Skip to main content
Top Button
The Navigable Waters Protection Rule Narrows the Scope of Waters Subject to the Clean Water Act The Navigable Waters Protection Rule Narrows the Scope of Waters Subject to the Clean Water Act

The Navigable Waters Protection Rule Narrows the Scope of Waters Subject to the Clean Water Act

On January 23, 2020, the U.S. Environmental Protection Agency and the Department of the Army, Corps of Engineers (collectively, the "Agencies"), finalized the Navigable Waters Protection Rule (the "Rule") to define the scope of waters subject to federal regulation under the Clean Water Act ("CWA"), 33 U.S.C. § 1251 et seq. (1972), or "waters of the United States" ("WOTUS"). The purpose of this long-anticipated replacement to the Obama WOTUS rule is to provide predictability and consistency in evaluating whether water bodies are subject to federal regulation. The agriculture industry expected clarification concerning whether certain ephemeral streams and ditches were subject to regulation, which the new Rule has provided, excluding these "temporary" water bodies from regulation. The final Rule will become effective sixty (60) days after publication in the Federal Register.

The scope of waters subject to federal regulation under the CWA has been unclear and contentious since its enactment. Section 404 of the CWA prohibits discharge of dredged or fill material into the "navigable waters." 33 U.S.C.A. § 1344. "Navigable waters" means the "waters of the United States, including the territorial seas." 33 U.S.C.A. § 1362(7). However, the term "waters of the United States," as used in the CWA, was not further defined. Several cases have considered the scope of WOTUS, including key U.S. Supreme Court cases[1].
On June 29, 2015, the Obama WOTUS rule was published citing the "significant nexus standard" from the U.S. Supreme Court decision in Rapanos v. United States, as important for the interpretation of the scope of the CWA. The Obama WOTUS rule was considered by many industries, including agriculture, as an overreach of the agencies' jurisdiction, while environmental groups argued the rule excluded too many waters. Thirty-one (31) states and several nonparties challenged the Obama WOTUS rule. Much of the controversy and legal debate surrounding the Obama WOTUS rule focused on the definition of tributaries and adjacent waters.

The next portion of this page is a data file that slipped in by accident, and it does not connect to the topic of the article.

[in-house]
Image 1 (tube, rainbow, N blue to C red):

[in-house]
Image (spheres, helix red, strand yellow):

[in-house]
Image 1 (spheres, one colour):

The final Rule provides that WOTUS means: (1) territorial seas and navigable waters, (2) tributaries, (3) lakes and ponds, and impoundments of jurisdictional waters, and (4) adjacent wetlands. Similar to the Obama WOTUS rule, the Rule includes certain exclusions from the definition of WOTUS, including: (1) waters or water features that are not jurisdictional waters; (2) groundwater; (3) ephemeral features; (4) diffuse stormwater run-off and sheet flow; (5) ditches that are not territorial seas or tributaries, and portions of ditches constructed in adjacent wetlands that do not satisfy the definition of adjacent wetlands; (6) prior converted cropland; (7) artificially irrigated areas; (8) artificial lakes and ponds; (9) certain water-filled depressions and pits; (10) stormwater control features; (11) groundwater recharge, water reuse, and wastewater recycling structures; and (12) waste treatment systems. Additionally, the Rule provides definitions for important terms such as adjacent wetlands, ditch, ephemeral, and intermittent, among others.
As mentioned above, a key change in the Rule from the Obama WOTUS rule is the exclusion of ephemeral streams and wetlands that are not adjacent to non-wetland jurisdictional waters. The Rule presumably shifts responsibility for regulation of non-jurisdictional waters, which were previously under federal regulation, to the states and tribes, provided they deem such regulation necessary. 
Environmental groups are already pledging to challenge the Rule, and certain states are considering similar action. Uncertainty over the scope of waters subject to federal regulation is likely to continue, with a potential regulatory patchwork of application of the Rule across the states. Indeed, it is expected the matter will not be resolved until the Supreme Court considers the scope of WOTUS again. At this time, those in agriculture should consider how the Rule affects the regulation of water bodies and wetlands on their farms, ranches, or other business properties and developments, and stay tuned as the Rule progresses.

A case to watch in the coming months is Hawaii Wildlife Fund v. County of Maui, which involves a municipal wastewater treatment facility. The Supreme Court heard oral arguments in this case on November 6, 2019. This case involves treated water that was injected into groundwater and ultimately discharged into the Pacific Ocean. The specific question being considered by the Supreme Court is whether a permit is required when pollutants originate from a point source but are conveyed to navigable waters by a nonpoint source. Maui does not directly apply to agriculture, but its outcome concerning point and nonpoint sources will have implications for the industry, including application of fertilizers and animal feeding operations.

If you need assistant in determining how this Rule affects your farm or properties, please contact Amy Berg, Terri Czajka, Tim Ochs, Melissa Proffitt or any of Ice Miller’s agribusiness attorneys. Click here to see the full list.

This publication is intended for general information purposes only and does not and is not intended to constitute legal advice. The reader should consult with legal counsel to determine how laws or decisions discussed herein apply to the reader’s specific circumstances.
[1] United States v. Riverside Bayview Homes (Riverside Bayview), 474 U.S. 121 (1985); Solid Waste Agency of Northern Cook County v. United States ("SWANCC"), 531 U.S. 159 (2001) and Rapanos v. United States (Rapanos), 547 U.S. 715 (2006).
View Full Site View Mobile Optimized